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Suppose I have a 3d region or contour that is implicitly defined and has no explicit parameterization. This is easy to plot, as RegionPlot3D and ContourPlot3D allow implicit functions.

But now I want to be able to arbitrarily transform the (portion of the) manifold in which this plot lives, stretching and rotating it as I please along an arbitrary curve (which remains embedded in R^3), perhaps in ways that at each point depend on the parameters and values of the curve, or the implicit function, etc., and have the plot of the region or contour follow smoothly along.

In more colloquial terms, I want to be able to wrap, stretch, scale, and/or twist the entire plot of an implicitly defined region or contour along an arbitrary curve. This is of course simple enough if you can parameterize both the region/contour and curve, using transformations and ParametricPlot3D.

This concept is also similar to "sweeping" a shape or surface along a curve, except what I'm sweeping is not a surface, but the coordinate frame in which I want a plot to live. I would also like to be able to do more than sweep the frame, to wit, I would like to be able to scale and rotate the frame (perhaps depending on values of the thing being plotted, or depending on values of the curve being swept along!) as I sweep.

What is the best way to go about doing something like this?


A comment requested an explicit example, and though literally any contour that can be plotted, along with any curve that can be plotted, is an explicit example, here are particular and arbitrary examples of these things:

A particular and arbitrary contour:

ContourPlot3D[
 
 ((Sin[2 x] + 2)*Abs[z])^2 + ((Sin[2 x] + 9)/8*Abs[y])^9 == 1
 
 , {x, 0, 2 \[Pi]}
 , {y, -1, 1}
 , {z, -1, 1}
 
 , MaxRecursion -> 1
 , BoxRatios -> {\[Pi], 1, 1}
 
 ]

A contour

A particular and arbitrary curve:

ParametricPlot3D[
 
 {2 t, (1 - t) Sin[t], (1 - t) Cos[t]}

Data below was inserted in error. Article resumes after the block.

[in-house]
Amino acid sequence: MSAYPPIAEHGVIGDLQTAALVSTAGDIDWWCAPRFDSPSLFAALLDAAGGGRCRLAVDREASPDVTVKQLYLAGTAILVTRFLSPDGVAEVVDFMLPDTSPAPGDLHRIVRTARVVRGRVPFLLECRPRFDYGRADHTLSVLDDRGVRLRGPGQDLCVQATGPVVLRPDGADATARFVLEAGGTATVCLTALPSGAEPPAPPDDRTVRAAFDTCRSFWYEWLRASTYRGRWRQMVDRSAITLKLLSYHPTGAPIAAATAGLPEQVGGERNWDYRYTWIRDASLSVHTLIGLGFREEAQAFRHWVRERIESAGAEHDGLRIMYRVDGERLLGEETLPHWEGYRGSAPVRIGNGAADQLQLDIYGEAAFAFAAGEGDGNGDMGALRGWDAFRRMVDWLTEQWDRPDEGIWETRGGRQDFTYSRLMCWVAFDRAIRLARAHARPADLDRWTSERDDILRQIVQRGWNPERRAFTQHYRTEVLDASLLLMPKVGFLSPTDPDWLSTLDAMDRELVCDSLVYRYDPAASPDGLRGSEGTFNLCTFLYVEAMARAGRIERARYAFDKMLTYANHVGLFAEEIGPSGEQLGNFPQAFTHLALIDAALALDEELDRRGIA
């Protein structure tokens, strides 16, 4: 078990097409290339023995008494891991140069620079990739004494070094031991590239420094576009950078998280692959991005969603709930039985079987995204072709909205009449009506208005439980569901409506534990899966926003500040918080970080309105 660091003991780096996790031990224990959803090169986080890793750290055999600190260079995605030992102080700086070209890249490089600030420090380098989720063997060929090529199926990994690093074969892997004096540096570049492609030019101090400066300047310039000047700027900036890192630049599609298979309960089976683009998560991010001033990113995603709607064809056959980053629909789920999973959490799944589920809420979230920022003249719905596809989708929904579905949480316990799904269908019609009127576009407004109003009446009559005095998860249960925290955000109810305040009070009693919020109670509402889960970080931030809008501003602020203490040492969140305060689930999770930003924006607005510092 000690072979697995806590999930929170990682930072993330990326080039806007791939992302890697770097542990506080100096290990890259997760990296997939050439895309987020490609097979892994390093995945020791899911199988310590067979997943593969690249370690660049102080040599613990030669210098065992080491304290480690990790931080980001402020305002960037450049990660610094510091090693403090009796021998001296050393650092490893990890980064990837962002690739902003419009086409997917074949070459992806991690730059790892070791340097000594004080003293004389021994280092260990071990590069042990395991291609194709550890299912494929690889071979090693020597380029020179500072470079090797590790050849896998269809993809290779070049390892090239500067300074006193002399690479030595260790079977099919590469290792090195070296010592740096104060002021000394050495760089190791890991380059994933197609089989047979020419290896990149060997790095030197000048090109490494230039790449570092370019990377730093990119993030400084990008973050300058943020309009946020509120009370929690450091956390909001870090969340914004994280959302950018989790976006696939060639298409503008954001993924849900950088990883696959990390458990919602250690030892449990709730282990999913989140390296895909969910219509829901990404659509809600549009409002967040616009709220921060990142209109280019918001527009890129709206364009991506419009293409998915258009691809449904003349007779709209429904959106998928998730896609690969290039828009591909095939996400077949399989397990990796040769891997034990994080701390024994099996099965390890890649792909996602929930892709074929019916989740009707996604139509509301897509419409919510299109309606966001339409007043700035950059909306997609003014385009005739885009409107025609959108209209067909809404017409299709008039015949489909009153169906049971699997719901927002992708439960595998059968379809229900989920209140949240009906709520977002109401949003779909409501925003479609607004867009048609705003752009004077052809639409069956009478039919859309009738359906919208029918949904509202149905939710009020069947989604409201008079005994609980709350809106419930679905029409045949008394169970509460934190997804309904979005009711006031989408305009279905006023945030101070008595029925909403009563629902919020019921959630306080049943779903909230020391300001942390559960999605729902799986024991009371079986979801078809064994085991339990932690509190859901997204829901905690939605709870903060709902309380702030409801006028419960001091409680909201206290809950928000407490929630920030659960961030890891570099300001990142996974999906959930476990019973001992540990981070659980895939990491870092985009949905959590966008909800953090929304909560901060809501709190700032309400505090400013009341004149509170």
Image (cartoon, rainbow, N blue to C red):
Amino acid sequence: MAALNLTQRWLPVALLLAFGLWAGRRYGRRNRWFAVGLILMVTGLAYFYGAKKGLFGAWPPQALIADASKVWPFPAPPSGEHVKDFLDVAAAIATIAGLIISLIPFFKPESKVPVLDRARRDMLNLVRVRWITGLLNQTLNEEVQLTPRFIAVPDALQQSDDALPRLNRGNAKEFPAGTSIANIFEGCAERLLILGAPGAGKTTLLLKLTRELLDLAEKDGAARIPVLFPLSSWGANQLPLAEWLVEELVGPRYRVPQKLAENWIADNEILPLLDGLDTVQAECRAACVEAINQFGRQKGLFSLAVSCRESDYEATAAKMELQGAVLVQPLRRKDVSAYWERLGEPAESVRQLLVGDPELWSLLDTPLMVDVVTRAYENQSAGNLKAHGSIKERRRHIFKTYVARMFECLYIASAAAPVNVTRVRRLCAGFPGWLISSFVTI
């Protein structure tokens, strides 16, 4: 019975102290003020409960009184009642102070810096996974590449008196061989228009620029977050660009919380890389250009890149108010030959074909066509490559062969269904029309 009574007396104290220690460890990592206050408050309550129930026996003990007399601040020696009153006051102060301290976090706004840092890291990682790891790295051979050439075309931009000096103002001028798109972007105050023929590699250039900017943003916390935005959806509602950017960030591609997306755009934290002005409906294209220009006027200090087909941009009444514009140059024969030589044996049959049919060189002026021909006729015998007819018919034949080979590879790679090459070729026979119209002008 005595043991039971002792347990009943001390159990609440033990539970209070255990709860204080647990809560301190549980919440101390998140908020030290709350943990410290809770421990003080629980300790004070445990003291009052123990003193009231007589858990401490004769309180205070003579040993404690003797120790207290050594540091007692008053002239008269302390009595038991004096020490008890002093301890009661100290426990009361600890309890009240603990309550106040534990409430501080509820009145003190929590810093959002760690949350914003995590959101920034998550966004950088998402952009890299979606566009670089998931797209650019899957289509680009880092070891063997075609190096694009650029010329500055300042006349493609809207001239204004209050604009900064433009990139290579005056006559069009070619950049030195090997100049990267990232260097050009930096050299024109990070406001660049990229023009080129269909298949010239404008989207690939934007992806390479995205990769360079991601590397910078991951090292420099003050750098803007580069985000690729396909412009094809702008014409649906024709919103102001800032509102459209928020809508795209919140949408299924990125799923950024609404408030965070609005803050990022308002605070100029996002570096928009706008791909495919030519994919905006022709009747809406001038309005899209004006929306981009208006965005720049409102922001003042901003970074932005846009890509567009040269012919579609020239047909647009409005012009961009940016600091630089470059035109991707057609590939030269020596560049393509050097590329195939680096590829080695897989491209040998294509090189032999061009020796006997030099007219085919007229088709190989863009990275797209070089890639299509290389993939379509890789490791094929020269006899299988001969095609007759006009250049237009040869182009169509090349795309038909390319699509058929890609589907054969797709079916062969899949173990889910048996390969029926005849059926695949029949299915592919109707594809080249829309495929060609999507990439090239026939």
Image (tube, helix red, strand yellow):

, {t, 0, 4 \[Pi]}
 
 ]

A curve

Note: Please don't try to parameterize the contour, unless perhaps it's via some approximate numerical method that works on literally any plottable contour. The example provided is arbitrary, but simple enough to tell at a glance whether a desired frame sweeping/scaling/rotation transformation is taking place. I want to do this with contours that cannot be parameterized.

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  • $\begingroup$ Is the transformation always affine, or can it be nonlinear? For instance, translation, rotation, and scaling should not be too hard to do to an implicit equation... $\endgroup$ – J. M.'s torpor Feb 23 at 21:29
  • $\begingroup$ The transformation can be anything, and can even be implicitly defined itself. Applying the transformation to the underlying implicit function being plotted is not hard, as I mentioned, Evaluate@With readily accomplishes this, and you can use NSolve to approximate the implicit mapping of each point being plotted. The problem is that the manifold doesn't change. If your plot lived in a 1x1x1 cube, your transformed plot still lives in that 1x1x1 cube. I want to transform the entire manifold, along with its contents. I don't want to scale up the Statue of David and see only his big toe. $\endgroup$ – Nickolas Feb 24 at 2:00
  • $\begingroup$ "your transformed plot still lives in that 1x1x1 cube" - so, using Show[gr, PlotRange -> All] on the result of your transformation (which I called gr here) does not do what you want? It's hard to say anything meaningful without an explicit example other users can investigate. $\endgroup$ – J. M.'s torpor Feb 24 at 6:47
  • $\begingroup$ Any plot that can exist is an explicit example. I have an implicitly defined point/line/surface/region plot which lives in R^3. Now pretend that my plot is colored clay, and its rectangular hull in R^3 is a solid block of transparent clay in which it is embedded. In the real world I could non-uniformly stretch, bend, and twist the whole shebang along any curve. I could roll it into a cylinder, form a depression with my thumb, even push my thumb through and make a hole. Assuming I can define those transformations (implicitly or parametrically), how do I get Mathematica to reflect them? $\endgroup$ – Nickolas Feb 24 at 8:56
  • $\begingroup$ "explicit example" here is means you need to supply Mathematica code other people can run, e.g. something generating a plot of the surface you want to transform, and a specific transformation you want to do. Otherwise, there aren't that many people who would pay attention to your question. $\endgroup$ – J. M.'s torpor Feb 24 at 9:21

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